MILWAUKEE — Kelly Duke pleaded no contest on Thursday, October 4th to two felony counts of homicide by intoxicated use of a vehicle. He also pleaded no contest to hit-and-run involving death and operating while suspended. This plea deal was a surprise, as Duke had been trying to get declared mentally incompetent.
Duke is the 17-year-old driver accused of driving drunk and causing a crash that killed Ed and Jean Thaves of New Berlin on New Year’s Day 2012.
The criminal complaint says an officer responded to the scene near 27th and St. Paul and observed the Thaves’ silver Nissan with its roof torn off, and significant damage.
The Thaves’ were pronounced dead at the scene.
The other vehicle involved, a maroon Chevy vehicle had also sustained severe damage. The vehicle came back registered to a Dennis Pruitt, and the driver of that vehicle had fled the scene.
The officer responding to the scene talked with an adult citizen witness who said he was coming home from work, and was behind the Thaves’ silver Nissan, and they were stopped at a red light at the intersection of 27th and St. Paul.
The witness indicated he observed the maroon Chevy vehicle traveling at a high rate of speed lose control at the intersection, and become airborne. The witness said the maroon vehicle tore the roof off the silver Nissan. The witness said he then ran to the silver car, and observed two people inside, and shortly thereafter, saw the driver of the maroon Chevy vehicle jump out the driver’s side window. The witness said he approached the driver to see if he was okay, but the driver ran away toward Wisconsin Avenue.
The complaint says an officer at the scene spoke with a man claiming to be Duke’s brother. That man told the officer he had just received a call from his mother, saying Duke had taken the maroon Chevy, which belonged to his aunt, without their permission. The man said he came upon the accident because he was looking for the car his brother had stolen, and his brother.
Duke’s brother later called officials and reported Duke’s whereabouts, leading to his arrest at a home on S. 35th Street. Officials say when they arrested Duke, he had thick, slow speech and an odor of alcohol on his breath. The complaint says he also had several fresh lacerations and other injuries, and was transported to the hospital.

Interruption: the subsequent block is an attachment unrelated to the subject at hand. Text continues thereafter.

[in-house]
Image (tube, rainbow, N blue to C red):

The complaint goes on to say when questioned by police, Duke said he couldn’t remember if he had permission to take the vehicle, but he believed he did. Duke said he took the car and went to his grandmother’s house, where he began drinking. He said he doesn’t remember how much he was drinking, and said he remembers being in a car accident, but doesn’t remember what happened.
Duke said when the accident occurred, he was on his way to visit his girlfriend, who works at Potawatomi Bingo Casino, which is where the Thaves were leaving from, about to get on the freeway to head back to their New Berlin home early New Year’s Day.
The complaint says a toxicology report indicated that three-and-a-half hours after the accident, Duke had a blood alcohol concentration of .183.
Duke’s driver’s license was suspended after multiple failures to pay forfeiture and for a juvenile alcohol violation back in January of 2011.
Autopsy reports performed on Edwin and Jean Thaves concluded they both died from multiple blunt force traumas to the head.
The Thaves’ family was in court Thursday and said what they heard was not what they were expecting.
“Why hurt our family any more by not just saying ‘I’m sorry, I did it — I’m pleading guilty.’ This, to me, was a blow,” daughter Lyann Buena Franco said.
“We’re still waiting for justice. If we fail to make an example of Kelly Duke, this community will continue to be victimized by drunk drivers like him. Kelly Duke still has not admitted his mistake. He still has not expressed any remorse. He still has not expressed any sympathy for the family. I’m hopeful that at some point we’ll have some closure,” son Edwin Thaves said.
The family said they are also upset this case has dragged on for close to 10 months because of competency hearings. Now, they’ll have to wait even longer for closure, as Duke’s sentencing has been set for January 11, 2013. He faces more than 45 years in prison.
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